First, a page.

At a price tag of $3,499.00 (a little less than R67,000 at the current exchange rate), Apple’s Vision Pro and the world of possibilities it offers might be a little out of reach for most of us. But it is safe to assume that future variations of the tech — from Apple and other tech companies — might bring that price down as mainstream demand grows.

As a former content editor for an e-commerce site, charged with using content to entice potential customers, my greatest obstacle was the trust deficit that exists in the marketplace when it comes to selling luxury African fashion. It’s a relatively new industry, justifiably people are worried about the quality of the garments. No matter how great the content is, if they can’t touch and feel the fabric, and look at the stitching on a particular item, it becomes very tricky to convince them to shell out $500 on a jacket, for example.

From where I sit, Apple’s Vision Pro can go a long way to alleviate at least some of these concerns. Yes, market penetration for Apple’s Vision might not be great on the continent in the short to medium term, economics considered. However, investing in such tools would put the African fashion industry in great stead to continue to compete internationally (I should note that a disproportionately large number of sales at my former employer came from the US).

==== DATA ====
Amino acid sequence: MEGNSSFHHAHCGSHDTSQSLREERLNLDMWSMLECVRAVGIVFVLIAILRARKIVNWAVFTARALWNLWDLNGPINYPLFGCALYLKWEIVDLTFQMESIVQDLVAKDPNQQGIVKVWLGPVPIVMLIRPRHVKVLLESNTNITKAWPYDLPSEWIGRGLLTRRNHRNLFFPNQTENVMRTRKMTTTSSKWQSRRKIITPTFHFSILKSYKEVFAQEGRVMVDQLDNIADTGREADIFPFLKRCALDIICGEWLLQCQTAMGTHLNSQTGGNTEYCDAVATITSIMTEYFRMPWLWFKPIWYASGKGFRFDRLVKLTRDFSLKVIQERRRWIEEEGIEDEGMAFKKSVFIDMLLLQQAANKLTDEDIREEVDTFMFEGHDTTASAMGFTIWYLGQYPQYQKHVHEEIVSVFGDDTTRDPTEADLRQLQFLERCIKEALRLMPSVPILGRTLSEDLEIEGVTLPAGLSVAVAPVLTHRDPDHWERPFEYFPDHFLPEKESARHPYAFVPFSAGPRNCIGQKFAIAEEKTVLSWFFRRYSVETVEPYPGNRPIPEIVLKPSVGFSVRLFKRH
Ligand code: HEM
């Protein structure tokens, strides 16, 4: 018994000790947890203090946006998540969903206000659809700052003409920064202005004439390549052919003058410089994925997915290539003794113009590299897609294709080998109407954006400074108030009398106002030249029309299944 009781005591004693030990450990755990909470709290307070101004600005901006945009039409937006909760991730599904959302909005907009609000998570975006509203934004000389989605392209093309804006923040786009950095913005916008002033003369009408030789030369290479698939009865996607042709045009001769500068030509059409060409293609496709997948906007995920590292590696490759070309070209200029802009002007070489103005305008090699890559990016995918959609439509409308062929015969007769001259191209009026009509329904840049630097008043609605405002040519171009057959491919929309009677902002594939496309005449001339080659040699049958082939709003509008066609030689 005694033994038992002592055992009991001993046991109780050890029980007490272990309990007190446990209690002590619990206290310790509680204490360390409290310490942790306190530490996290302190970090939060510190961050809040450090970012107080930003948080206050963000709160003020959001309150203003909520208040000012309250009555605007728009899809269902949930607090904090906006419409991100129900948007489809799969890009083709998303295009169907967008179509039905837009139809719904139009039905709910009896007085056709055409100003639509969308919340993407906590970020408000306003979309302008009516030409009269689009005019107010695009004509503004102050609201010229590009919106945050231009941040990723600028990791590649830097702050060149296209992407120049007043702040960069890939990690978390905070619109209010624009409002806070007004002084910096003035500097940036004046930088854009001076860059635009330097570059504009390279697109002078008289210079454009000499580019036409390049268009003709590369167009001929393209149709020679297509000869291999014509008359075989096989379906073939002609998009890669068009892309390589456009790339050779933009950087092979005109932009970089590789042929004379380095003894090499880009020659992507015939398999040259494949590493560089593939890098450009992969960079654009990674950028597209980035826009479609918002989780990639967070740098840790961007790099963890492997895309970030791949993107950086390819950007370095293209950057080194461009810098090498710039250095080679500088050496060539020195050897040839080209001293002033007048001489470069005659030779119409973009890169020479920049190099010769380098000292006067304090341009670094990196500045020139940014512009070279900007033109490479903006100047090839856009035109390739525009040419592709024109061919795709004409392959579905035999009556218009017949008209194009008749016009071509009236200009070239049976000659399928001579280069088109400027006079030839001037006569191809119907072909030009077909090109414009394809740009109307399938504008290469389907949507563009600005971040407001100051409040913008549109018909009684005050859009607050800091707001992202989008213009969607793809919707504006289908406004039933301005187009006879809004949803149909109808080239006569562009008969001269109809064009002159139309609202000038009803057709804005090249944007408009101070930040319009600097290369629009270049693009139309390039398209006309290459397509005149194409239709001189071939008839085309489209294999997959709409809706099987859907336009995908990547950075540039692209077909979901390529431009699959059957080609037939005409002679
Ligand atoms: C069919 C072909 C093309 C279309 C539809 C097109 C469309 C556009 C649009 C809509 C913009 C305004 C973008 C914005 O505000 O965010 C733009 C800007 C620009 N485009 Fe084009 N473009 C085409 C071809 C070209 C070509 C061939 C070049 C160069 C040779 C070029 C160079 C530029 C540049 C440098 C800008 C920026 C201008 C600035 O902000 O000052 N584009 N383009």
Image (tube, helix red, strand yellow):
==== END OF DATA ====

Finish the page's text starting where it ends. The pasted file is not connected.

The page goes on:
The promise and the promises of 1994 have been betrayed

By David Shapiro


The JSE reflects our fall from grace — and business is to blame as well as the ANC government

Near 30 years ago, in April 1994, I stood in line with my wife, Linda, and our domestic helper, Anna Makgopa, at Fairways Primary School, to cast our vote in what was termed “SA’s first democratic election”. The usually straight-faced and impassive Anna was beaming with pride. My mother-in-law, Esther Barsel, voting in Yeoville, was as joyous as a bride on her wedding day. For Esther, it was vindication after 50 years of political activism and struggle; a time during which she was harassed, jailed and banned from public life.

SA was the toast of the world. Everyone wanted a piece of the Rainbow Nation. Global leaders queued to shake hands with the newly inaugurated president Nelson Mandela, while international businesses, which had shunned the apartheid government, rushed to open factories and stores.

Optimism about the country’s future abounded. The fall of communism in the USSR, the rise of China, globalisation, the deregulation of the JSE, the introduction of mobile phones and the worldwide expansion of the internet created unprecedented opportunities to drive the economy of this infant administration to new peaks.

Thirty years on, we’re asking how we let our destiny slip. SA’s economy is forecast to grow at a sluggish 1.3% a year for the next three years, far below the global mean. Our unemployment rate is among the highest in the world, our debt levels are becoming unmanageable, crime and corruption are out of control, power is rationed, our roads are disintegrating and our railway system is dysfunctional. Worst of all, we lack the will and means to fix our problems.